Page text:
“In today’s world, a misplaced or forgotten cell phone is enough to evoke a panic attack,” says clinical psychologist Lisa Strohman, founder of the Technology Wellness Center in Scottsdale, AZ. Beyond just emotional stress, Strohman says our tech dependency can also impact us behaviorally, physically, and interpersonally. So, what’s the best way to find a healthy balance? She shares five ideas:
1. No tech allowed in the bedroom
Otherwise, “You’re not really allowing your body to shut down,” says Strohman. And if you use your phone as your alarm clock? No excuses. “If you can go retro, your life will be simpler in so many ways,” she says.
2. Go outside—sans your smartphone
Take a walk, ride a bike, enjoy a coffee at an outdoor café. “Just set the phone down and actually engage in life,” says Strohman. Sure, you’ll be tempted to Instagram this beautiful park and that gorgeous flower shop, but that’s the point—your head is up and you’re actually seeing the world around you. “Don’t be afraid to trust your mind to hold that memory for you,” says Strohman.
[Related: Why Unplugging from Technology Can Help Us Enjoy the Moment]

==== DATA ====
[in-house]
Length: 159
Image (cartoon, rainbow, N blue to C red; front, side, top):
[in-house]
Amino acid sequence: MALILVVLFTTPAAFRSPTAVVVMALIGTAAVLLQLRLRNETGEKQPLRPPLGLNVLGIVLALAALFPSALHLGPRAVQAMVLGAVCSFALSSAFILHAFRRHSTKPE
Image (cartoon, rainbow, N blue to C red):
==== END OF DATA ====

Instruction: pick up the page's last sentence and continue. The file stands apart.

3. Connect with people offline
Better yet, turn it into a challenge for yourself—maybe it’s, “I’m going to make three people smile today,” or “I’m going to say hello to two people.” It can even be as simple as making eye contact with another person, Strohman says. Just do it, and watch your mood go up and up and up.
[Related: 7 Real-Life Truths About Unplugging From Technology]
4. Create “tech-pectations”
Give your friends and family permission to disconnect by designating an area in your place where they can unload their phones and tablets. You can also declare an entire day tech-free. At Strohman’s house, she says they practice “tech-free Tuesdays.” “It shows my kids by example that it’s OK to be offline,” she says.
5. Balance out your day
Try to maintain a 1:1 ratio of tech time versus real-life time in your day. If you just sat in front of your laptop for three hours, take three hours of leisure time (read, cook, go on a run) in return. Strohman also suggests reviewing your cellphone statements to monitor data usage. “Looking at your bill can help you put things into perspective,” she says.
Lisa Strohman is the author of the upcoming book, Unplugged: What Every Parent Needs to Know About Raising a Child in the Digital World.
Photo: Westend61 / Getty Images